In Villarreal's Bar El Madrigal, across the street from the club's stadium of the same name, there is a sea of scarves pinned on the wall behind the counter.
Each commemorates a great Champions League night of the past, against visitors such as Manchester United, Manchester City, Arsenal and Napoli.
This weekend, a match arguably as important as any of those will take place in the stadium as Villarreal welcome Almeria, with automatic promotion to La Liga at stake. A win or a draw would confirm the hosts' return to the big time, but an away victory would send Almeria up at their expense - and condemn Villarreal to the play-offs.
If England's football-supporting public had forgotten about Villarreal - which hardly seems likely given the drama of their 2006 Champions League semi-final against Arsenal - then they are set to be reminded.
The expected arrival of Manuel Pellegrini at Manchester City will recall the years when the Chilean coach made the team known as the Yellow Submarine a fixture in European club competition. Santi Cazorla, perhaps Villarreal's last truly world-class performer, has just enjoyed a productive debut season at Arsenal.
Cazorla's 2011 exit from El Madrigal was a pointer towards a change in Spain's second strata below Real Madrid and Barcelona. The midfielder went on to help his new club, big-spending Malaga, qualify for the Champions League for the first time.
Meanwhile, Villarreal endured a season of misery. Forced to sell Cazorla to their rivals for a top-four place for financial reasons, they then saw one of their other key assets, Italy's Giuseppe Rossi, suffer a serious knee injury.
The side from the Costa Azahar lost all six of their Champions League group games - against Manchester City, Bayern Munich and Napoli - and were relegated from La Liga on the season's final day.
It was a far cry from the years of achievement under Pellegrini.
Arriving in 2004, the coach signed the likes of Manchester United striker Diego Forlan and immediately led Villarreal to third spot and Champions League qualification. After squeezing past Everton in the play-off round, they went on to enjoy a stellar season in Europe.
Pellegrini's side advanced from the group stage at the expense of Manchester United, and eliminated Rangers and Inter Milan on away goals before facing Arsenal in the last four. After losing 1-0 at Highbury in the first leg, only Jens Lehmann's late penalty save from Juan Roman Riquelme prevented Villarreal taking the Gunners to extra time in the return.
Those days of plenty at El Madrigal may be gone - current coach Marcelino Garcia Toral said after a recent win over Racing Santander that "we don't have Riquelme or Forlan any more".
But, though the budget may be smaller after relegation and some business losses suffered by president Fernando Roig in recent years, Marcelino has engineered a sharp upturn in fortunes since his arrival in January.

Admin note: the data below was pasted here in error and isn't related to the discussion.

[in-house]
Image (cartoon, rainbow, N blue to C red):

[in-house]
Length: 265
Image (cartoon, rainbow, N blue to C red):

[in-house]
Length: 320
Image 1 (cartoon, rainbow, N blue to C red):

The campaign to come straight back up had suffered a tragic start, as new coach Manuel Preciado died from a heart attack on the very same day in June 2012 that he was appointed to spearhead their promotion challenge.
His successor, former B team coach Julio Velazquez, was sacked in January after a 1-1 draw in their first game against Almeria, in which former Aston Villa defender Olof Mellberg scored Villarreal's equaliser.
The team were languishing in seventh place then, a far cry from the coveted second spot they occupy going into this weekend's showdown. Villarreal have battled their way there despite a lengthy injury list and a taxing run-in that has seen them play all of their promotion rivals in a thrilling last month.
Midfielder Cani, a veteran of the Pellegrini days, said after Sunday's 3-0 win at Barcelona B that the team's spirit has helped "to overcome whatever difficulty, mistake or blow that's happened to us, whether it's been injuries, suspensions, or opposition goals".
The 31-year-old also highlighted the contribution made by the team's supporters. Not renowned for a huge following, Villarreal took an astonishing 10,000 fans to the Mini Estadi for Sunday's game.
The players emerged into the sunshine to be greeted by a huge banner daubed with the legend "Bienvenidos al Madrigal" (Welcome to El Madrigal). "One of the key things has been the support from the stands," said Cani. "The support from our fans has been 10 out of 10 and they give us a lot of confidence."
Even when in the top flight, Villarreal often struggled to fill their 25,000-capacity stadium, but on Monday, the remaining 9,000 tickets for the Almeria game were sold in under six hours to personal callers. El Madrigal will be full for the first time this season.
If Marcelino's men do seal the deal, there will be no Monaco-style spending spree to celebrate. Consolidation will most definitely be key, with 2000 champions Deportivo La Coruna's relegation last Saturday after one season a warning of how winning promotion is the easy part. Yet for now, many would just be pleased to see them back.